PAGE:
Stephen Jack, Vice President, Workday Australia and New Zealand
Becoming a customer-obsessed business is a critical demand of the digital age. To achieve this status, ANZ companies recognize they must master organizational agility. This need was reinforced in a new study conducted by Workday in partnership with IDC Asia-Pacific which revealed almost 90% of Asia-Pacific organizations are currently undergoing some form of digital transformation. In many business functions, processes are being automated and overlaid with intelligence, often delivering localized efficiencies and better customer service.
The study titled “Beyond the State of Dysfunction: Unleashing the Potential of Digital Transformation”, launched at the recent Workday Innovation Day in Australia examined the barriers to digital transformation (DX) from the perspectives of 1,000 C-level and business leaders. The Workday/IDC study found Australia is one of the leading countries in the region in terms of embracing digital transformation with 54% of C-level executives saying they are operating on digital platforms. This rating was the second highest in Asia Pacific.
Yet, for many businesses, the promise of a true step change in organizational agility remains elusive. In fact, 56%confessed they were getting less than 10% ROI on their investments. This misstep was further highlighted when, while 55% of Australian CIOs reported that they were aligned fully with their business counterparts when it came to digital transformation goals, metrics and road map, only 20% of finance and 37% of HR leaders said the same.
This internal disconnect reinforces a major problem with digital transformation projects; too many Australian businesses are still not aligned, and they lack a digital roadmap for the future. More often than not, these digital impasses stem from silos in organization structures, technology and data.
Part of the problem is that digital IT environments are frequently established separate from the traditional enterprise IT environment, with the APIs and integration services connecting the two of them constructed as an afterthought. According to the research, 58% of organizations are also driving digital transformation out of centralized teams – rather than including business function representatives– resulting in many large organizations treating digital as "someone else's job".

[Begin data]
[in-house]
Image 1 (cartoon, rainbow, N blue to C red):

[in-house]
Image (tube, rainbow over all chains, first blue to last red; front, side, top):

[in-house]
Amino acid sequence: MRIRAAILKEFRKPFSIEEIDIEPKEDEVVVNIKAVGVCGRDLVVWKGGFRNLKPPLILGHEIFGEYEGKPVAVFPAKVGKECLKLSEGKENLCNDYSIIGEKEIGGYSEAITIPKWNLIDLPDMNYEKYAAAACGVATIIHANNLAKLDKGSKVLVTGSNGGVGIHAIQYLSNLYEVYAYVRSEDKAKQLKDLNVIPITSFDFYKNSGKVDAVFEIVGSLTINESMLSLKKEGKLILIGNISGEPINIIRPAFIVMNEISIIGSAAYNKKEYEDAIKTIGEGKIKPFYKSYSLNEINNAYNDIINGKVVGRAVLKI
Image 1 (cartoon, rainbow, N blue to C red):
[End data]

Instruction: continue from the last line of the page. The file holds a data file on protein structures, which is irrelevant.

Equally, technology investments funded by functional departments tend to focus solely on that specific function’s requirements – not those of the entire business. Without a vision of the enterprise's future technology landscape and evolving use cases, tactical initiatives don’t integrate easily with other systems. Nor are they set up to evolve as new technological advancements become available.
Worse, this narrow approach to technology investments creates data silos, with data residing across multiple applications and IT systems. Data silos increase integration complexity where data must be cleansed, reformatted and deduplicated before organizations can get to the ‘holy grail’ – a single view of their customers and their enterprise-wide activities.
One of the most common issues stopping organizations from getting to this point is the simple fact that they lack a common technology platform. According to the Workday/IDC analysis, both business and IT leaders unanimously agree that the top barriers to closer cross-functional collaboration are lack of common technology and tools, and common processes.
Once a common technology platform is in place, enterprise-wide data sharing becomes, not just possible, but effortless. Then it’s easy to establish cross-functional workflows and dashboards that enable leaders to take an enterprise view, supporting functional decisions that serve the organization's broader strategic intent.
The big return on digital transformation investment only comes when organizations can ‘connect the dots’, using a common technology platform to see what’s affecting key metrics in real time. When executives can see how decisions and actions in one area impact the greater whole, the organization truly starts to become agile – able to pivot quickly to address emerging risks or go after new opportunities.